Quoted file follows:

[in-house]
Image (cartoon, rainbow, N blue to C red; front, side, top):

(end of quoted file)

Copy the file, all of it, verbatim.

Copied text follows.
[in-house]
Image (cartoon, rainbow, N blue to C red; front, side, top):